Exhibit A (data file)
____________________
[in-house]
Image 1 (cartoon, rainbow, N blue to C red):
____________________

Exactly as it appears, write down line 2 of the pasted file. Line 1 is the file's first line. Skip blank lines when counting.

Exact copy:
Image 1 (cartoon, rainbow, N blue to C red):